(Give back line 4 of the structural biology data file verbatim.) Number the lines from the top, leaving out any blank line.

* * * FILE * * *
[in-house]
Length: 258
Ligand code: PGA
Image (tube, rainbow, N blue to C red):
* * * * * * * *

Image (tube, rainbow, N blue to C red):